September 15, 2016
this book was loaned to my by my son-in-law, who, along with my daughter, met this author in british columbia this summer. she is remarkable and her story is as well.
Profile Image for Barb Kelownagurl.
201 reviews3 followers
January 28, 2018
I always love books about living off the land and/or wilderness survival. If you enjoy the show "Alone", you might like this book.
Profile Image for Lael.
361 reviews2 followers
June 28, 2020
I was enjoying this jaunty read until the third botched killing of an animal and then I was not.
Profile Image for Olga.
138 reviews7 followers
May 7, 2021
ok, jāatzīst, ka tas nebija tas, ko es biju gaidījusi. Biju domājusi, ka tas būs vairāk par puslīdz komfortablu dzīvošanu prom no pilsētas, bet te bija full-on izdzīvošana uz nosalšanas vai bada robežas.

Par izdzīvošanu runājot, autores uzvedība brīžiem bija bezatbildīga, piemēram, neapgūstot makšķerēšanas iemaņas, lai gan dzīvoja ūdeņu tuvumā un tas bija viens no pārtikas avotiem, ogu lasīšana blakus lāčiem, nezināmu sēņu ēšana (atstājot "pirmsnāves vēstuli"). Manai gaumei te bija par daudz botānisku aprakstu, kā arī "bezvārdu sarunu" ar kokiem, visumu, dzīvniekiem, utt.
Profile Image for Valerie.
11 reviews
August 12, 2022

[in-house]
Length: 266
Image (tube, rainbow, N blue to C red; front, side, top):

The best thing that came out of covid for me was discovering Alone which led me to Nikki, the author. When I found out she wrote a memoir of her experiences living as a survivalist prior to the show, I had to read it. Her edible plant knowledge is enviable. What an amazing experience she had and what a courageous woman! I enjoyed every minute of this book.
March 24, 2023
Living Wild/Becoming Wild

What a wonderful story. Although partly disgusting and sad, it rings of truth. Even as a young man, I could never have lived the life that Nikki, Micah and Scout did, I understand the pull. Incredible as it sounds, I choose to accept her words as she has written them. Highly recommend this book.
Profile Image for Kris.
22 reviews1 follower
May 3, 2022
I bought this book for my son because Micah is a friend of mine from years ago and read it before I gifted it. I enjoyed Nikki's writing and have since gifted it to others who enjoy the idea of living in the wild. Great read.
Displaying 1 - 27 of 27 reviews